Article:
Gender diversity and equality are very close to my heart. 70% of female children in my extended family still struggle to move into higher education and instead are encouraged to get married and focus on raising their families. I feel very fortunate to have established the career that I have, and it’s through raising awareness on events such as International Women’s Day and championing diversity initiatives that more women and girls can be given opportunities and choices – more on that in a moment.
But we must continue to encourage more women to consider technology as a viable career option. To do that, we must also provide them with more role models at all levels. We need to spotlight and celebrate women who are already working in tech, and we need to work harder to promote more women to the highest positions in their respective businesses.
Attracting and retaining female talent in the technology industry
At this point, when India is focusing on achieving sustained high growth, the country must increase women’s involvement in the workforce. The advancement of women’s equality has the potential to enhance India’s GDP by US$770 billion by 2025, but it will necessitate significant reform.
Across all regions, the technology industry will most likely continue to shrink the gender gap. According to Deloitte Worldwide report, by 2022, leading global technology enterprises will have approximately 33% female presence in their workforces, up slightly more than 2 percentage points from 2019.
Leaders across industries realize that a varied workforce—by gender, color, age, and other social factors—is excellent for business, based on research indicating that diverse teams perform better and are more inventive. As the tech industry strives to create a bright future for itself, it aspires to be more representative of that future.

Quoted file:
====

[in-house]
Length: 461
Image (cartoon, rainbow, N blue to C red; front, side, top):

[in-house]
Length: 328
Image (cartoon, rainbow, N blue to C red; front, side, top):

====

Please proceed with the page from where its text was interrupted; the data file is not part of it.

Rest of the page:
As new technologies such as AI, machine learning, cloud, intelligent edge, and 5G revolutionize our lives and workplaces, the true beneficial impact can only be realized when these solutions are planned, developed, and implemented by a broad group of innovators and developers. In this setting, women’s contributions and gender diversity are critical.
The gender gap in technology is a squandered chance for women, society, and businesses. Having a more diverse staff, including an equal gender balance, leads to greater results. This reflects the vast advantages of workplace diversity, from embracing a broader range of society and viewpoints to different ways of thinking through cognitive and emotional intelligence.
MediaKind’s ongoing initiatives
At MediaKind, we value a truly inclusive workplace in which everyone, regardless of gender, feels a genuine feeling of belonging. As the recent International Women’s Day #BreakTheBias campaign demonstrated, it’s also a call to action for accelerating women’s equality in science, technology, engineering, and mathematics (STEM). Every day of the year, we’re responsible for our ideas and behaviors. We can all choose to seek out and applaud the accomplishments of women. And by working together, we can all contribute to a more inclusive world.